We interviewed a number of Australian Data Analytics Leaders from leading industry and research organisations to understand what is top of mind for them when it comes to ‘creating value from data’ and to capture what changes they are seeing in this fast-moving space.
Time to move beyond theoretical ROI
The data driven promise hasn’t delivered for many organisations. Patience and budget for theoretical ROI has gone. Impact and real ROI from Data Analytics is essential to the success and survival of data teams and, in some cases, the whole organisation.
- Clearly define the objectives up front
- Secure executive level involvement and sponsorship
- Don’t underestimate the importance of people, culture and transformation in delivering ROI
“The key to creating enterprise value from your data requires greater involvement of analytic leaders in the strategic planning process at the executive level, identifying where analytics can be leveraged to accelerate and enhance organisational strategies.” Peter Inge, General Manager – Data & Analytics, SAI Global
“There is a growing realisation from C-level executives of the value that data analytics can provide to their business. This realisation has arisen because they are increasingly seeing real world applications and tangible benefits to other businesses.” Dr Sanjay Mazumdar, CEO, D2D CRC
“We are shifting from the mindset of ‘what can we do with this data’ to ‘what data do we need to solve this problem’ — and subsequently driving strategic investment into the creation of purpose-led data assets.”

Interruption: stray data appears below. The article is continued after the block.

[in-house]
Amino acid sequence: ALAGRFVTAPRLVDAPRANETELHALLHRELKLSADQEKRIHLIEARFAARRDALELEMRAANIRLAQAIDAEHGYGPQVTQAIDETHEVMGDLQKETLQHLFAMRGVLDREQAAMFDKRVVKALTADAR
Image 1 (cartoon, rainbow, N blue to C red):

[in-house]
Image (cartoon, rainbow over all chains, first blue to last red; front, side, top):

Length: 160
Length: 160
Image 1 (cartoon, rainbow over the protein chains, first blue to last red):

Blair Hudson, Data Analytics Leader
Don’t forget the Transformation in Digital Transformation
Digital transformation, of course, requires human change management.
Whilst shifting to a data-driven culture is recognised as a long term exercise, success of individual data initiatives absolutely hinges on effective change management. Accounting for this up front is an enabler of success.
- Identify where challenges to adoption and impact will lie
- Gain sponsorship and proactively plan for successful adoption
- Consider structural change if this will unlock realisation of ROI
“Whilst many businesses are standing up insights teams with data analysts and data scientists, organisational barriers remain. These include building trust in the insights and improving communication, influence and business leadership skills within technical teams. Establishment of a ‘Business Scientist’ function or dedicated role, one with high soft skills, is an advocate and interface to the business to overcome “buy in” barriers and help translate data science capability to business benefit.
Kari Mastropasqua, Executive General Manager, Data & Analytics – Equifax
“There is a rise of the Chief Data Officer in organisations. This is an important role to explore opportunities where data can be used to enhance the business and champion the cause throughout the company.” Richard Morwood, Head of Innovation, InfoTrack
“Supported decision making, using machine learning and data to augment intelligence rather than automate or replace. Interpretable machine learning assists acceptance and adoption as users interact with an algorithm in order to gain trust that it’s working as expected.” Ian Hansel Director, Verge Labs
It’s time for Agility – in mindset, technology and execution
Recognising the themes about focused realisation of ROI and keen attention to change management, it is unsurprising to see the Data Analytics Leaders similarly laser-focused on technology that holds up to changing production demands and recognition that the flow of data across your platforms must be carefully managed.